Some of this likely falls on Wizards, who seems to forget its partners as soon as the book is published. For example, see a recent D&D Beyond article about the history of Phandalin, which purports to cite every product that mentions the town in Phandelver and Below, but completely “forgets” to mention that the Acquisitions Incorporated book details the future of Phandalin.
Some of it is perhaps the different format. Fans enjoying a D&D liveplay stream are not automatically tabletop RPG players who would buy a CR sourcebook or adventure.
Now, you may recall that I once said Critical Role is the only RPG company that has a small chance of acting as a competitor to WotC. I still think this is true.
On the Roll for Combat YouTube show, they shared BookScan data for Critical Role / Darrington Press. BookScan showed seventeen book products, from novels to graphic novels to art books to character backgrounds. The top book had 55k sales, and all products combined for 401k sales. That’s strong, especially when books are just a part of their many media, gaming, and streaming efforts.
Overall, Critical Role is probably doing a fine job with books. RPGs and board games may be slower (we lack any data on board games) but perhaps still worthwhile as a way to expand their audience. CR book sales and even gaming book sales are still at a level most RPG companies wish they could have.
We don’t have much historical data on adventure sales. Ben Riggs shared that all Dark Sun adventures combined sold (from all sources, not just what would show up in BookScan) as follows:
This shows a combined sales of 61k in 1991, then a height of 246k in 1992, and then a rapid decline with 3k in 1998 and just 135 in 1998. In 1992 (the year Dark Sun adventures were first sold) there were four adventures (DS1, DSQ1, DSQ2, DSQ3) so the average sales per adventure could be 61k per adventure at the height of sales.
An anonymous WotC employee once shared some figures on adventure sales, saying that the 1980s saw varying sales, with most between 50k and 150k. This seems high, and may not account for the returns that have since been described by historians. The same source says the 1990s saw most 2E adventures selling 7-15k copies with very few above 100k. Starting with 3E, the edition tried to release close to one adventure per year, with sales climbing to 35-60k per adventure.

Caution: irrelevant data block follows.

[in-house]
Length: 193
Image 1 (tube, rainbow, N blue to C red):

By these measures, 5E is doing extremely well. Just on BookScan data alone, 5E adventures released after 2020 have more than 70k sales, and often higher. BookScan data is partial data, so the numbers are actually significantly higher!
D&D 5E had a great initial strategy. Each summer would see the year’s primary adventure announced. Months of fanfare would communicate the theme and allow time for licensing partners to prepare offerings. September would see the release of the adventure, followed by a year of spin-offs. A secondary adventure was often available – often an anthology or a re-release, typically in the March to May timeframe. A sourcebook, such as Tasha’s or Xanathar’s, was the third book of the year.
In 2017 I wrote about the effectiveness of this strategy. Each primary release, such as Tyranny of Dragons or Tomb of Annihilation, had a clear theme with evocative concepts. The approach made it feel as if D&D itself revolved around the release. Even if you never played Storm King’s Thunder, you understood the theme and picked up on the concepts of giants and the Ordning. The adventures became classics that resonated throughout the hobby. Organized play, individual creators, and partners all played off of the clear theme.
Shortly after that, WotC really aimed to make each release a major marketing event with liveplay, guests, media invites, and even sets and actors capturing the splendor of Waterdeep or the hellscape of Avernus. Big money was spent on these events, with mixed results. Dragon Heist is the second best-selling adventure… but Descent into Avernus is the 12th, bested by Tomb (which saw a smaller such event) and Frostmaiden (which instead had an online event) and Spelljammer (which was part of the marketing for various releases and felt less like a classic September release). Then again, I really liked Witchlight’s marketing and it has been slow after initially strong sales.
A quick interesting comparison. The original AD&D 2E Spelljammer campaign setting, a boxed set, sold 54k copies in 1990 (data from Ben Riggs). The 5E version sold 84k in about 10-11 months.
The increase in growth during the pandemic saw Hasbro take renewed interest in D&D, saying that D&D would be the next $1B brand. This would be incredible growth for D&D… how could it be possible? One approach D&D has tried is to increase releases. 2015 and 2016 see the original model, with each year offering three books (primary adventure, sourcebook, secondary adventure). Recent years have doubled that to six books, plus an increase in additional gaming accessories and partner books. As I said before, if you can’t tell whether Phandelver and Below or Planescape is the primary adventure for 2023, you aren’t alone. 2023 sees five books released between August 15th and November 14th!
Adventures are just part of the picture. Next time, let’s take a look at Accessories, Sourcebooks, and Settings. Which categories do you think sell the most?